Wildman’s pencils are a true highlight of the issue as he pulls the look of the Generation 1 character designs without simply copying them. They look as they did but in a much more modern style than the classic Marvel art that was the standard during the first generation’s hey day. He and inker Stephen Baskerville do a good job of keeping the motion of the characters fluid and giving a real sense of weight and power to every character that walks onto a panel.

Interestingly, it’s now 20 years after the events of issue #80, so it’s not picking up where it left off as much as it’s acknowledging the passage of time and showing the reader where their Generation 1 characters are now. It gives quick back stories on several of the key players in the series without again really ever getting into info dump mode.

Simon gives the reader just enough to catch up with the current state of a character and then carries on with the tale. As someone who hasn’t read issue # 80 in over a decade and hasn’t really gotten the Classic Transformer Trades it’s a welcome situation that doesn’t detract or drag the action.  As a device to inform new readers and remind old readers goes, it works because the art aids in the getting across what has come before as well. In just a few small panels, penciller Andrew Wildman gets the information needed across for the reader to be caught up with what’s going on.

However, the pacing of the middle part is very languid. The entire issue is focused on setup as opposed to fast pace action. It is the seeds that are planted in this issue that we will see bear fruit in the coming year.

I’ve always had a love/hate relationship with the setup issues. They are definitely required when it comes to story but sometimes the setup can be a major chore to get through. However, this issue is not a chore whatsoever, but at times I did find myself wondering when some action was going to kick in as this is essentially the first issue of a book that has a 20 year gap between it and its last issue.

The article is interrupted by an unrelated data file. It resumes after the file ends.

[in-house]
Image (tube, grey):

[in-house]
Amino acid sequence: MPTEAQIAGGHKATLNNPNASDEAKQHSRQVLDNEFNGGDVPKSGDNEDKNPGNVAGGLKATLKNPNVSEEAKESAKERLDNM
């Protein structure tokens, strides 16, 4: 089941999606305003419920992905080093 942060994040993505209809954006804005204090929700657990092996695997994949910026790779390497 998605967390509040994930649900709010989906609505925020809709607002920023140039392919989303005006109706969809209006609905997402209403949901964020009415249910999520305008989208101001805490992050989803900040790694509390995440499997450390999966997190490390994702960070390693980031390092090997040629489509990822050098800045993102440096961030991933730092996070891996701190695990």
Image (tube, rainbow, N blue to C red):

What doesn’t make it a chore is that it serves an even better purpose of showing how complacent the Autobots have gotten, this fact is brought home by the total lack of action from all but the Wreckers. By having the Wreckers and their actions as the main focus, the pacing in the middle brings across the growing schism between those who are tired of simply waiting to strike and those who are more concerned with keeping the tenuous peace than ending a threat once and for all.

The entire pacing of the middle pays off beautifully as the closing action in the issue leaves the reader with a great “WTF” moment and left me already impatient for issue #82. If Simon keeps this up then Transformers fans will have nothing to fear. The Regeneration project will have a good and healthy run.

I won’t spoil the surprise that’s at the end because frankly, didn’t see it coming. However, I will say that as a fan of the classic Wrecker’s lineup. I was greatly pleased with the focus being on them in this return to the original universe.

They say you can’t go home again, but Simon seems quite adept at disproving that saying. This creative team he has is doing a great job keeping the original home alive and if they continue as they have here, then Simon will be staying in his old home for a long while.

One Response
    • Simon Furman and the UK Transformers were some of my favorite stories from the original comic collections. I’m glad I was able to pick them up. I may have to check out his return. Hopefully it will be more satisfying long term than the Larry Hama story continuation.